Economic analysis of gender-based salary/wage discrimination

Yesterday, I went to a seminar at AUT on Testing theories of gender discrimination using linked employer-employee data, presented by Economist Isabelle Sin, based at Victoria University. The analysis explored the question of what proportion of salary difference can be attributed do a gendered bias. But it tackled the question in a way I hadn’t seen before. By exploring higher-level income data – based on PAYE information from IRD – and industry/employee data, Sin and co-authors aimed to calculate ‘productivity’ based on gender, and salary based on gender, and compare the two. Not being a quantitative analyst, some of the detailed analytic tables were hard to follow , but the gist of the analysis is that across a very large sample of private-sector, for-profit companies, women’s productivity can be calculated as 86% compared to a 100% for men, but salary is 74% compared to 100% for men (taking part-time/full-time status and certain other factors into account). This average discrepancy – effectively a 12% gender-pay-gap – varied also by age categories, and a finer grained analysis revealed the gap differs considerably by industry category.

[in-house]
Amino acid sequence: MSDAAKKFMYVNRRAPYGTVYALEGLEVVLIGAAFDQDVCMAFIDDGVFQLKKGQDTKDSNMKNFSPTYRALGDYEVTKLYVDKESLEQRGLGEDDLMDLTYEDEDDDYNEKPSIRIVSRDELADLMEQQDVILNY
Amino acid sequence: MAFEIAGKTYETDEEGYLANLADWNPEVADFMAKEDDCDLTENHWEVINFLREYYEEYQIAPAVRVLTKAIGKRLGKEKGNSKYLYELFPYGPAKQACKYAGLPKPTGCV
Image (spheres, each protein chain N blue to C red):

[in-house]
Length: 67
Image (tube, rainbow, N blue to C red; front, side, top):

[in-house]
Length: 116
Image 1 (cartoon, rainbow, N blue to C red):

What wasn’t defined clearly was what productivity is – this may be a well-defined concept that holds up well in economic analysis, but I struggle with the concept, in lots of ways. I don’t like way it evokes a very linear and literal conceptual model of workforce contribution. Furthermore, as noted in the questions, the lack of a gendered-analysis of industries themselves meant that those which came up as most/least disriminatory didn’t necessarily map ‘common-sense’: for instance, libraries, which tend to have a female-dominated workforce, was included in the industry-band which appeared most-discriminatory (though this may in part reflect issues of gender-distribution across that workforce). Farming in many forms was the least discriminatory, which may at least partly reflect the pay-data used… It was based on PAYE data, meaning contractors were excluded.
Overall, the analysis was interesting – it provided a very similar number to other estimates of the gender-based pay gap. But it also highlighted the value for detailed or micro-focused, and specifically gendered, analyses. Furthermore, as other research indicates that race/ethnicity also impacts salary, including here in NZ, I believe that needs to always be kept present in analysis of gender-based pay gaps.